New CoR Laws & Higher Penalties

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New CoR Laws & Higher Penalties

01/09/2018

New Chain of Responsibility (CoR) laws aim to drive a proactive approach to safety rather than reactive. 

 The proposed updates to the Heavy Vehicle National Law (HNVL) for CoR from October include:

Primary Duty for Parties in the CoR:

All parties in the CoR will be required to ensure safe practices over transport tasks they control or influence.

 

Legal Requirements Extended

Presently CoR Law covers fatigue, mass, dimension, loading and speed. The coming changes will also include vehicle standards and maintenance.

 

Executive Officers Liability Extended:

Executive officers (EOs) will be required to ensure that the organisation complies with its primary duty to ensure safety and avoid breaches by the company.

  • EOs will also be required to understand their duties, changes to regulatory requirements, safety systems to ensure they mitigate risk.

 

Increased Powers of Authorised Officers

  • Authorised officers will be able to investigate a business to determine if the safety systems in place are effective, even if a breach has not occurred.
  • Authorised officers will be able to obtain information from third parties.

 

So far as Reasonably Practicable vs Reasonable Steps

Like WHS laws, the new CoR law will require all parties

to take steps, so far as reasonably practicable, to prevent a safety breach. Parties in the CoR will need to show that they have considered; the likelihood of hazard occurring, the degree of harm, knowledge about the risk and exhausted all options to minimize or eliminate risk.

 

Offences & Penalties

 

Category 1 Offence:

 

Reckless breach of safety duty resulting to a risk of injury or death.

 

Individual - 5 Years Imprisonment and or $300,000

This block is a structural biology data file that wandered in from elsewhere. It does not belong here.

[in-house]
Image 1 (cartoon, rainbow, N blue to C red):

Company - $3,000,000

 

Category 2 Offence:

 

Breach of safety duty resulting to a risk of injury or death.

 

Individual - $100,000

Company - $1,000,000

 

Category 3 Offence:

 

Breach of safety duty (it does not have to be an incident or an event) It is the discovery of the failure of the system to capture the breach.

 

Individual - $50,000

Company - $500,000

 

 

CoR Part of Business Practice Vs Preventing Breaches

Businesses must actively seek out risks, control them and ensure they are effective. Businesses can do this by implementing a CoR system that includes:

 

  • CoR policy;
  • CoR risk management;
  • CoR Assurance and Training
  • Promotion

What is Chain of Responsibility (CoR)?

The aim of CoR is to hold all parties in the logistics chain responsible for safety and avoiding breaches to the heavy vehicle laws. For example, parties including; a consignee; consignors; employers; executive officers; loaders / unloaders; loading managers and drivers could all be held liable for breaching the fatigue or speed management requirements. Liability could arise if the party has no system in place to minimise driver fatigue or speeding.

 

For a quote to conduct; an independent CoR review, executive briefing or team CoR training session call us on 03 8544 4300 or email enquiries@safetyaction.com.au.

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